{% if field|is_checkbox_input %}
        <div class="checkbox{% if field.errors %} has-error{% endif %}">
            {{ block.super }}
        </div>
    {% else %}
        <div class="form-group{% if field.errors %} has-error{% endif %}">
            {{ block.super }}
        </div>
    {% endif %}
{% endblock %}

{% block widget %}
    <!-- Output field widget based on its type -->
    {% if field|is_file_input or field|is_checkbox_input %}
        {% field_widget field %}
    {% else %}
        {% field_widget field class="form-control" %}
    {% endif %}
{% endblock %}

{% block help_text %}
    <!-- Output help text consistently -->
    {% field_help_text field class="help-block" %}
{% endblock %}

{% block errors %}
    <!-- Output errors consistently -->
    {% field_errors field class="alert alert-danger" %}
{% endblock %}

Notice that the template’s context has a field variable that refers to the form’s bound field being rendered (your default context is also available).

Now we just need an extra template for checkboxes as we want to wrap the label around the field.

In templates/silhouette/bootstrap/fields/checkbox_input_field.html, extend your own field template with:

{% extends "silhouette/bootstrap/fields/field.html" %}

{%load silhouette_tags %}

{% block label %}
    <!-- Do not render the label here -->
{% endblock %}

{% block widget %}
    <label>{% field_widget field %} {{ field.label }}</label>
{% endblock %}

Notice that the template name for a checkbox field is the widget’s class name in underscore notation checkbox_input followed by the _field suffix.

Your templates/app/index.html template now can become:

{% load silhouette_tags %}

<form>
    {% csrf_token %}
    {% field form.name widget_placeholder="Enter email" widget_id="exampleInputEmail1" %}
    {% field form.password widget_placeholder="Password" widget_id="exampleInputPassword1" %}
    {% field form.file help_text_contents="Example block-level help text here." %}
    {% field form.check_me_out %}
    <button type="submit" class="btn btn-default">Submit</button>
</form>

And all your future forms will use the bootstrap theme.

If you need a specific class added to any of the fields, Silhouette will merge these for you with the ones defined in a theme:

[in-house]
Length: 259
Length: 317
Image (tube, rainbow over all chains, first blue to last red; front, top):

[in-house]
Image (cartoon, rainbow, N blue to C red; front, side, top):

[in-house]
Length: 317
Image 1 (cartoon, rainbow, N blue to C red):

{% field form.password ... widget_class="extra-class" %}

Will output:

<div class="form-group">
    ...
    <input type="password" ... class="form-control extra-class" />
    ...
</div>

Now you can extend your theme by adding new widgets like radio buttons, select boxes and so on.

Form Themes

Field templates and global themes remove a lot of the complexity usually involved with displaying forms with Django. But Silhouette doesn’t stop here and also allows you to create form specific theme.

For example, let’s change our templates/app/index.html template, and use the second bootstrap example using the form-inline class.

We’ll also introduce the silhouette tag that allows you to display forms in a single line of code:

{% load silouhette_tags %}

{% silhouette form method="post" action="/action" class="form-inline" errors_class="alert alert-warning" %}

This will render:

<form enctype="multipart/form-data" class="form-inline" method="post" action="/action" >
    <input type="hidden" name="csrf_token" value="...." />

    <!-- Errors will show up here if any -->
    <ul class="alert alert-warning">
        <li>....</li>
    </ul>

    <!-- Fields will show up here -->
    <div class="form-group">
        ...
    </div>
    ...

    <!-- Controls will show up here -->
    <button type="submit">Submit</button>

    <!-- Media will show up here if any -->
    <script ...></script>

</form>

However, by doing so, we just lost the specific attributes that were passed to each field like placehoders, ids, etc. as well as our styled submit button.

Our fields and button are specific to our form, so let’s create a “form theme” for these.